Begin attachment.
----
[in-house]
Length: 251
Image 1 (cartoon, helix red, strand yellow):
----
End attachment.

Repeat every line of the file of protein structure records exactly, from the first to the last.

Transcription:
[in-house]
Length: 251
Image 1 (cartoon, helix red, strand yellow):